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Bubble life is a lot easier than quarantine, feels Josh Hazlewood

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Hazlewood warns of future pull out

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Bubble life is a lot easier than quarantine, feels Josh Hazlewood

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SportsCafe Desk

11/18/2020

After being confined to a two-week Quarantine following his arrival from the UAE, Josh Hazlewood commented that bubble life is far easier than Quarantine, which might play a part in players pulling out of tours in the future. Hazlewood is slated to play against India in all three formats.

After partaking in a two-month-long Indian Premier League, after which the Australian and the Indian contingent reached Australia, the players had to undergo a two-week mandatory quarantine where they are allowed to practise for a bit. Given the fact that they are confined to a room for the major part of the day in their respective hotels in New South Wales, it is natural that mental fatigue can set in. Hazlewood was quite open about the same, saying bubble life is a lot easier than quarantine.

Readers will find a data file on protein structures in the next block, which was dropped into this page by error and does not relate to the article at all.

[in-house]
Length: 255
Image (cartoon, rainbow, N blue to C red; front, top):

"These two weeks are the hardest coming back from an overseas tour. That will weigh on a few guys' decisions if we're touring overseas and this is still what has to happen when you have to return,” Hazlewood said, reported Sydney Morning Herald.

"I think bubble life is a lot easier than quarantine. There are a few things you can get out to do and playing cricket as well – that's a huge bonus. It's different for everyone. If you had to keep doing these two-week stints every time we come back that makes it a difficult choice for each individual.

"It's pretty hard work. That privilege of getting out for a few hours each day is a bonus. It's really helping with the day-to-day. Apart from that we're in our rooms. We've had the odd team meeting on Zoom, but you're pretty much left to your own devices for the rest of the day."

Currently, there are doubts over Adelaide’s capability to host the first Test as the second wave of Covid-19 has hit entire South Australia. So much so that South Australia Premier Steven Marshall announced the state would move into a hard lockdown after the Cricket Australia fled their players and support staff to NSW.

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